Residents raise safety concerns at East Melbourne community meeting  

Residents raise safety concerns at East Melbourne community meeting  
Brendan Rees

East Melbourne residents have come together to collaborate with various stakeholders at a community safety meeting on August 14.

The meeting was chaired by Victoria Police at the East Melbourne Library, which saw more than 80 residents in attendance along with representatives from the City of Melbourne and the Melbourne Cricket Club (MCC). 

Residents had the opportunity to voice concerns and share personal experiences, including issues around anti-social behaviour, drug activity, misuse of e-scooters, and parking and traffic matters. 

This included “chronic” traffic conditions post events or game days held at the MCG, people “making themselves a nuisance with aggressive begging” at the Fitzroy Gardens and Treasury Gardens, and suspected drug activity on Simpson St.

“On one occasion when we reported to police about drugs with no subsequent action by the police, a couple of days later, residents’ cars were broken into at the same place where the drugs were transacted and/or injected,” a resident said at the meeting. 

Other matters raised included anti-social behaviour at The Comfort Inn Hotel and City Edge Apartments at 90 and 92 Albert St, which, as reported earlier this year by Inner City News, were being used as emergency accommodation sites, but reports of drug activity, graffiti, and rubbish being dumped in and around the buildings had left residents feeling on edge. 

Another resident spoke about e-scooters speeding and posing a safety risk to children and the elderly, while also adding they were being “left abandoned” and “destroying our amenity”. 

The meeting also heard that rideshare vehicles were insufficiently combating anti-social activity, with some people “yelling, littering and damaging property and plants”. 

 

East Melbourne Group president Greg Bisinella said all parties present at the meeting expressed their commitment to working closely with the community and to ensure a safe environment for everyone. 

 

Lord Mayor Sally Capp said the council was working closely with Victoria Police and other agencies to deliver initiatives that improve safety in the streets.

“Our Safe City Camera Program is the guardian angel of our streets – operating 24 hours a day, seven days a week to reduce crime by deterring potential offenders and boosting crime detection,” she said.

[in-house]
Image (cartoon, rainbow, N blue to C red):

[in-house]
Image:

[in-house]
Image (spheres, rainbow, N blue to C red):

“We’re also committed to creating pathways out of homelessness, to ensure everyone in our city has a roof over their heads. Through our Make Room initiative, homelessness support hubs, and work to support people sleeping rough, we’re stepping up to provide more safe and supported accommodation for some of Melbourne’s most vulnerable people.”    

In response to the community meeting, the council said it had already acted on several issues, including carrying out an audit of lighting at Fitzroy Gardens with globes being replaced as required and increasing proactive patrols to target illegal parking near the MCG on event days.

The council also noted its 2023–24 budget included almost $6 million for critical safety infrastructure and resources, with lighting in key precincts and the operation of the Safe City Camera Program, as well as $100,000 to expand the Salvation Army’s street team to boost safety at night.

Outreach workers contracted to Launch Housing patrol the city from Monday to Friday and support pathways out of homelessness.  

Melbourne East local area police commander Inspector Dale Huntington said the meeting was a “great opportunity to hear the thoughts of locals and ensure our policing operations align to the concerns of the community”.

“As our priority over the next 12 months and working in partnership with stakeholders, including local resident groups, traders’ associations, key community locations and educational institutions, we intend to target serious and violent crime, general crime, road policing and public order issues,” he said.

Inspector Huntington pointed to the success of Operation PETRICHOR during the recent school holidays, which he said had had an impact on youth offending around the CBD, while also improving the perceptions of safety around railway stations, shopping centre precincts and key community locations including parks.

He also said police would continue to target illegal e-scooter use through Operation Ride Safe including those riding on pavements, speeding, not wearing helmets, having multiple passengers, and riding while over the prescribed alcohol limit.

"Although police lead the fight against crime in the city and particularly residential areas like East Melbourne, it is a collaborative and joint partnership with locals and police to ensure our overall crime continues to decline, like it has over the past decade."

"Therefore, please report any incident that you feel requires police attention, without this local information police are not fully appraised of the issues affecting residents."

To report non-urgent crimes and events, call the Police Assistance Line 131 444

The MCC have been contacted for comment.•

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